Stories of D H Hill: Happy Birthday General Hill (12 July 1821–24 September 1889)

Fewer ads. Lots of American Civil War content!
JOIN NOW: REGISTER HERE!

lelliott19

Captain
Forum Host
Silver Patron
Joined
Mar 15, 2013
Messages
6,033
1562649156875.png

Rather than a traditional biography, I thought it would be fun to create a thread of anecdotes - either stories others told about D H Hill or stories he told about others. As a founding member of the Official D H Hill Fan Club, I felt it my duty and obligation to start this thread. I realize that D H Hill is not a "popular" choice for many. There are just a handful of members of the fan club.:D But I hope that many contributors will post anecdotes in this thread.
1562645582546.png

Confederate Lieutenant General Daniel Harvey Hill, more commonly known as D. H. Hill, was born 12 July 1821 at Hill's Iron Works, in York District, South Carolina. His parents, Solomon and Nancy Cabeen Hill. His paternal grandfather, Col. William "Billy" Hill, an Irish immigrant who operated an iron works which manufactured cannon for the Continental Army during the American Revolutionary War. His maternal grandfather was a Scottish immigrant. Daniel Harvey Hill was West Point educated, abrasive, demanding, a strict disciplinarian, deeply religious, sometimes brilliant, sometimes not. I've always found his dry sarcastic wit endearing.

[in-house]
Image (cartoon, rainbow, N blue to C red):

Here's one of my favorite examples of Hill's tactful sarcasm. Writing to Jubal A Early in response to Early's request for information for use in his memoirs, D H Hill writes:

"In comparing my statistics with yours in my address, I wished to say, "General Early knows more of Confederate history than any man now living, probably for the reason that he has never moved out of the Confederacy"--but I know you did not like some haversack anecdotes which were entirely to your credit, and which endeared you to thousands of our people. You were so fortunate, or unfortunate, as to be considered the wittiest man in the army and doubtless many clever and witty things were put upon you in consequence."​

Now, it seems to me you'd have to read that and easily understand Hill's intent? Knowing that Jubal Early was reversed at Cedar Creek; lost the confidence of his army; and was removed from command by General Lee? But apparently Early missed Hill's sarcasm? Early was evidently so flattered that he included the comment in his own memoirs entitled Lieutenant General Jubal Anderson Early C.S.A. Autobiographical Sketch and Narrative of the War Between the States. :D